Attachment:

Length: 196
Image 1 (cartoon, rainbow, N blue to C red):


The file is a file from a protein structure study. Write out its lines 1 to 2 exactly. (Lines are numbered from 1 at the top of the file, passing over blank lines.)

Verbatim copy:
Length: 196
Image 1 (cartoon, rainbow, N blue to C red):